THE TOP TEN:
1. DUCK SEASON
In this minimalist black-and-white gem from Mexico, two fourteen-year-old boys have an apartment to themselves on a Sunday afternoon. They spend the day playing video games, drinking Cokes and ordering out for pizza, and are soon joined by an older female neighbor and a hapless delivery man. Then, the power goes out and they’re left to find other ways to pass the time. The narrative may sound slight, but director/screenwriter Fernando Eimbcke fully develops and endears these four characters to us to the point where we just don’t want to leave them behind. In fact, the beauty here lies in what the characters themselves have to regrettably leave behind (and what one of them claims for himself). Nearly ten months since I first saw it, DUCK SEASON still reminds me why I value tiny, little-seen independent films so much.
2. HALF NELSON
How do you make a film about a white Brooklyn junior high school teacher struggling with drug addiction without alienating your audience? How do you depict that teacher as a genuine mentor to one his black female students without your premise becoming a sentimental, falsely inspirational tale like DANGEROUS MINDS? Director Ryan Fleck and his co-screenwriter/producer Anna Boden manage to do both in this masterful, audacious feature: they take the frustration of the age and transform it into a poetic, unflinching study of how we live with it, and how we can find redemption through the support of others. Ryan Gosling and Anthony Mackie both give remarkably nuanced, career-best performances, while impressive young newcomer Shareeka Epps shows no sweat in matching them.
I left the theater baffled and speechless but nonetheless intrigued when I first saw this in Toronto in 2005. On a second viewing in Boston this past January, I got it. At first, director Michael Haneke’s film is a portrait of a smug bourgeois couple (Daniel Auteuil and Juliet Binoche) being watched by an unknown assailant. They receive cryptic letters and videotaped stalker footage of their apartment in the mail, but as Auteuil’s character gradually becomes unhinged, the film reveals itself as an allegory about social responsibility and guilt. With its suspenseful pacing and occasionally shocking developments (both times I saw this in a theatre, I’ve never heard an entire audience gasp so loudly), CACHE is a thriller in every sense of the word.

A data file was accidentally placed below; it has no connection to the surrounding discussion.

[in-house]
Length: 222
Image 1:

4. 49 UP
Last month, I named The “Up” Series my favorite documentary of all time, and this latest installment had a lot to do with that decision. Helmed by director Michael Apted, the series interviews the same group of about a dozen citizens originally from the UK every seven years. At the age of 49, we’re really starting to understand the philosophical implications and psychological effects these subjects experience by having their lives put on display. As usual, Apted alternates between the present and flashbacks of earlier installments, only the cumulative pull is now richer and more profound. If there’s any proof that this is so much more than an experiment, it’s in Jackie’s outburst when she startlingly confronts Apted about his interviewing methods.
What an appropriate title: this is a glorious return to form for Pedro Almodovar after the accomplished but curiously remote BAD EDUCATION. A vivacious and unexpectedly multifaceted Penelope Cruz heads an excellent female ensemble cast; other standouts include the marvelously expressive Lola Duenas and the great Carmen Maura, working with the director on what could be his best picture since her last one with him, 1988’s WOMEN ON THE VERGE OF A NERVOUS BREAKDOWN. It’s as graceful as the powerful, meditative shots of rotating windmills that appear throughout, but just as lively and hilarious, tempering the melodrama of his mature period with sharp, rapid-fire dialogue.
The cast is inconsistent, a few of the actors are a little too attractive, and the various narrative strands wrap up all too neatly. And none of that matters because John Cameron Mitchell’s second film has a sweet, beaming heart and a novel sense of camaraderie that transcends those minor annoyances. SHORTBUS is a romantic comedy like any of the best, only with graphic sex and money shots. As in HEDWIG AND THE ANGRY INCH, Mitchell gives an emphatic voice to the underground—the gays, freaks, weirdoes and eccentrics—and to a real post-9/11 New York. More importantly, he takes a misunderstood subject often depicted as taboo and simply celebrates it for what it is.
7. THE CASE OF THE GRINNING CAT